[QUOTE=ldesnogu;264485]Warning: I don't know anything about OpenCL...
Why do you use , && et ?: at all? Doesn't OpenCL say a comparison result is either 0 or 1? [/QUOTE] For scalar data types that is true. I could have saved a conditional load, but I guess the compiler will optimize that out anyway. I already have in my mind to use the same code for a vector of data (just replace all uint by uint4, for instance), and then the result of a comparison is 0 or 1 (all bits set). What I was really hoping for is something that propagates the carry with a little less logic, as that will really slow down additions and subtractions ... 
Would the "ulong" data type (a 64bit unsigned integer) help?

If you cast the arguments to uint64 then the borrow can be computed by shifting...
tmp = (uint64)a  (uint64)b; sub = (uint32)tmp; borrow = tmp >> 63; 
[QUOTE=Bdot;264505]What I was really hoping for is something that propagates the carry with a little less logic, as that will really slow down additions and subtractions ...[/QUOTE]
Two other random ideas (again sorry if it's not applicable...):  do as many computations as you can without taking care of carries and do a specific pass for handling them; of course that could lead to a big slowdown if you have to reload values and memory is the limiting factor  another way to compute carries is bit arithmetic; let's say you want the carry from a  b [code]res = a  b; carry = ((b & ~a)  (res & ~a)  (b & res)) >> (bitsize1); [/code]where bitsize is the number of bits of a, b and res. Again that could be slower than your original code. 
Thanks for all your suggestions so far. I'll definitely try the (ulong) conversion and compare it to my current bunch of logic. I still welcome suggestions ;)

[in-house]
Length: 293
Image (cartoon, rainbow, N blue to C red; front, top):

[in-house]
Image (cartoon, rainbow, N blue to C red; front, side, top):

Here's the task again: Inputs: uint a, uint b, uint carry (which is the borrow of the previous (lower) 32 bits) Output: uint res=ab, carry (which should be the borrow for the next (higher) 32 bits) currently this basically looks like [code] res = a  b  carry; carry = (res > a)  ((res == a) && carry); [/code]I'm looking for something simpler for the evaluation of the new carry. Something like [code] carry = (res >= a)  carry; [/code](Yes, I know this one is not correct) We have available all logical operators, +, , and the [URL="http://www.khronos.org/registry/cl/sdk/1.1/docs/man/xhtml/integerFunctions.html"]OpenCL Integer Functions[/URL]. But maybe a total of 6 operations for one 32bit subtraction with borrow is already the minimum for OpenCL? I did not quite understand how evaluating carries afterwards can save something. Access to the operands is no problem, it's all in registers. The bitwise operations lead to a total of 10 instructions (?) for one subtraction ... less likely to be an acceleration ;) 
[QUOTE=Bdot;264555]I did not quite understand how evaluating carries afterwards can save something. Access to the operands is no problem, it's all in registers. The bitwise operations lead to a total of 10 instructions (?) for one subtraction ... less likely to be an acceleration ;)[/QUOTE]
Well that all depends on two things: what your compiler is able to find depending on the form of your program and what your microarchitecture is able to do. The post pass carry evaluation for instance is very useful for vector like architectures. And it might be possible on some microarchitectures that the result of a comparison blocks a pipeline while logical operations don't, thus making the logical variant faster even though it uses more operations. But then again I don't know anything about your target and OpenGL, so I'm probably completely off track :smile: 
[QUOTE=Bdot;263174]
As I have only this one ATI GPU I wanted to see if anyone would be willing to help testing on different hardware. Current requirements: OpenCL 1.1 (i.e. only ATI GPUs), Windows 64bit. [/QUOTE] I have HD 4550, Windows 2008 R2 x64. Would that work? Andriy 
Bdot, what did you wind up finding did the fastest math, 32bit numbers or 24bit numbers? And what form of math? Or are you still working on it?

I played around with this a little ...